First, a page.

Cooperative
A cooperative is a business organization owned and operated by a group of individuals for their mutual benefit...

s, and other new customers. The Bureau of Reclamation reports that the energy generated is allocated as follows:
AreaPercentage
Metropolitan Water District of Southern California
Metropolitan Water District of Southern California
The Metropolitan Water District of Southern California is the largest supplier of treated water in the US. The name is usually shortened to the "Metropolitan Water District" or simply "MWD". It is a cooperative of 14 cities and 12 municipal water districts that indirectly provides water to 18...

28.53%
State of Nevada
Nevada
Nevada is a state in the western, mountain west, and southwestern regions of the United States. With an area of and a population of about 2.7 million, it is the 7th-largest and 35th-most populous state. Over two-thirds of Nevada's people live in the Las Vegas metropolitan area, which contains its...

23.37%
State of Arizona
Arizona
Arizona ; is a state located in the southwestern region of the United States. It is also part of the western United States and the mountain west. The capital and largest city is Phoenix...

18.95%
Los Angeles, California
Los Angeles Department of Water and Power
The Los Angeles Department of Water and Power is the largest municipal utility in the United States, serving over four million residents. It was founded in 1902 to supply water and electricity to residents and businesses in Los Angeles and surrounding communities...

15.42%
Southern California Edison Company 5.54%
Boulder City, Nevada
Boulder City, Nevada
Boulder City is a city in Clark County, Nevada, United States. It is approximately from the City of Las Vegas. As of the 2010 census the population of Boulder City was 15,023.Boulder City is one of only two cities in Nevada that prohibit gambling....

1.77%
Glendale, California
Glendale, California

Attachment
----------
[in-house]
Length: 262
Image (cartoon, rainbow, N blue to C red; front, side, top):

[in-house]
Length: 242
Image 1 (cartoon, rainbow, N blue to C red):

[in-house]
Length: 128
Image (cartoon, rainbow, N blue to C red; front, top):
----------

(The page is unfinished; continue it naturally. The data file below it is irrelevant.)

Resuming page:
Glendale is a city in Los Angeles County, California, United States. As of the 2010 Census, the city population is 191,719, down from 194,973 at the 2000 census. making it the third largest city in Los Angeles County and the 22nd largest city in the state of California...

1.59%
Pasadena, California
Pasadena, California
Pasadena is a city in Los Angeles County, California, United States. Although famous for hosting the annual Rose Bowl football game and Tournament of Roses Parade, Pasadena is the home to many scientific and cultural institutions, including the California Institute of Technology , the Jet...

1.36%
Anaheim, California
Anaheim, California
Anaheim is a city in Orange County, California. As of the 2010 United States Census, the city population was about 365,463, making it the most populated city in Orange County, the 10th most-populated city in California, and ranked 54th in the United States...

1.15%
Riverside, California
Riverside, California
Riverside is a city in Riverside County, California, United States, and the county seat of the eponymous county. Named for its location beside the Santa Ana River, it is the largest city in the Riverside-San Bernardino-Ontario metropolitan area of Southern California, 4th largest inland California...

0.86%
Vernon, California
Vernon, California
Vernon is a city five miles south of downtown Los Angeles, California. The population was 112 at the 2010 United States Census, the smallest of any incorporated city in the state....

0.62%
Burbank, California
Burbank, California
Burbank is a city in Los Angeles County in Southern California, United States, north of downtown Los Angeles. The estimated population in 2010 was 103,340....

0.59%
Azusa, California
Azusa, California
Azusa is a city in Los Angeles County, California, United States. The population was 46,361 at the 2010 census, up from 44,712 at the 2000 census. Though sometimes assumed to be a compaction of the phrase "everything from A to Z in the USA" from an old Jack Benny joke, the place name "Azusa"...

0.11%
Colton, California
Colton, California
Colton is a city in San Bernardino County, California, United States. The city is located in the Inland Empire region of the state and is approximately 57 miles east of Los Angeles. The population of Colton is 52,154 according to the 2010 census, up from 47,662 at the 2000 census.Colton is the...

0.09%
Banning, California
Banning, California
-2010:The 2010 United States Census reported that Banning had a population of 29,603. The population density was 1,281.6 people per square mile . The racial makeup of Banning was 19,164 White, 2,165 African American, 641 Native American, 1,549 Asian, 39 Pacific Islander, 4,604 from other...

0.04%

See also


  • Hoover Dam Police
    Hoover Dam Police
    The Hoover Dam Police, officially the Bureau of Reclamation Police, is a federal security police force, stationed at Hoover Dam southeast of Las Vegas, Nevada. Reclamation Police Officers are stationed only at Hoover Dam. Hoover Dam was both listed on the National Register of Historic Places in...

  • List of largest hydroelectric power stations
  • Ralph Luther Criswell
    Ralph Luther Criswell
    Ralph Luther Criswell , first a Socialist and then a Republican, was a member of the Los Angeles City Council for ten years in the early 20th Century...

    , lobbyist on behalf of the dam

External links